What should I talk about? This article is a summary of an educational session I gave at a meeting of the Chinglish Bilingual Toastmasters Club in Chatswood. Toastmasters speak on subjects of their choice, but often it is hard to know what to talk about.
This article gives some tips on choosing a speech topic and would be relevant for anyone asked to speak on a subject of your choice.
At school and university we are given fairly specific assignments. But in Toastmasters we are can speak about anything we like as long as follow the speech objectives. The challenge comes when you have to pick the topic.
Do you find it easy to think of speech ideas? In this article I share my ideas on helping you find a speech topic. I have three things for you to consider.
- Know your audience
- Know the purpose of your speech
- Make a title and a tagline to get the attention of your audience.
1. Know your audience
It is important to know your audience. The audience is everything to you as a speaker – you should choose suitable subject matter for the speech. Knowing the audience also guides you in how to present the material to suit the audience.
Here are some some of the many characteristics of audience – think about their needs and interests.
- Male/female ratio
- Common interests – eg public speaking, Chinese culture, Australian culture
- Professional or Occupation – if you gave a speech to a group of accountants
- Native language – English as second language? Mandarin?
- Educational background
- Political orientation – conservative / liberal?
What do you think the audience wants to know? Why are they here?
Two key questions to ask yourself about the audience are:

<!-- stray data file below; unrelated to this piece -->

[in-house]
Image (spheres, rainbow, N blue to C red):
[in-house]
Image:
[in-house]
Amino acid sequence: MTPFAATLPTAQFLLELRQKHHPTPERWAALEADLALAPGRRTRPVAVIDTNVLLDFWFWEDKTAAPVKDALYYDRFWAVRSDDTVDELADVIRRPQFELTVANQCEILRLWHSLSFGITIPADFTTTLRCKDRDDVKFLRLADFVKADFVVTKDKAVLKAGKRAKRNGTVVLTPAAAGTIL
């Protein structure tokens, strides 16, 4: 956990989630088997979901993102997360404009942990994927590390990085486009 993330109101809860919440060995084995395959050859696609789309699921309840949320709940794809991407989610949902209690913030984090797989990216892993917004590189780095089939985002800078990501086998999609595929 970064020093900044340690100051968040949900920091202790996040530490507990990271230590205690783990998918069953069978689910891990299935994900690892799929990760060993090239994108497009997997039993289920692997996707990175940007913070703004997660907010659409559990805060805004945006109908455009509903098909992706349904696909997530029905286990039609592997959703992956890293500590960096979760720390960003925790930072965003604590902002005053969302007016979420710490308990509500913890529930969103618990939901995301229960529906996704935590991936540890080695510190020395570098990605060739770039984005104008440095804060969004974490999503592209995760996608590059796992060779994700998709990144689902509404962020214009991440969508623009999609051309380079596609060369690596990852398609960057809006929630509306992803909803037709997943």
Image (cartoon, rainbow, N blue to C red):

1. What experience or knowledge do you have that would be of interest to the audience?
2. How will you adapt it to this audience based on their characterists.
Is the material suitable?
2. Know the purpose of your speech.
A speech usually has one of four main objectives:
There are two general sources of information for your speech – personal experience and research.
Personal experience – your interesst and personal involvement will create a greater response in the audience. You will deliver speech with greater conviction – because it is personal. What are your interests? Career – family – personal observations? Many of my speeches especially humorous are based on my observations of daily life especially on City Rail.
Research. Other sources include web sites, news, Wikipedia, research, books, magazines and newspapers.
Before you begin writing the speech ask yourself these two powerful questions:
- What do I want the audience to think, say or do differently after hearing my speech?
- What is the takeaway message of yoor speech – how would you summarise your speech in one sentence?
3. Have a compelling title
Every speech needs a title. You may think this isn’t very important but a speech title is like a movie title or newspaper headline. It should grab the audience’s attention and give a hint of the content.
Look at how movies are marketed. A film has a title and tagline. A film currently in release is Hotel Transylvania. Its tagline is Even Monsters Need A vacation. One of the top movie taglines is for Apollo 13 – Houston, we have a problem.
Some of the Toastmasters in our club are accountants. Would you be excited to hear a speech titled Recent Changes in Taxation Law. Excited? Maybe not. But what if the speech was titled How to reduce your tax bill in 2012. Maybe you are more interested now? I remember a fun speech by another accountant member – Why Accountancy is not boring.
Members often have difficulty thinking of titles for their icebreaker (introduction) speech. Instead of a title like “About me” – give the audience a hint of your content, for example “From Shanghai to Sydney” or “Hong Kong or Sydney – my two homes”.
Now you are ready to write your speech. Look at the 2nd project in the Competent Communicator Manual “Organised your speech” for ideas on how to organise the content of your speech.
Have fun with your speech and inform, entertain, persuade or inspire your audience!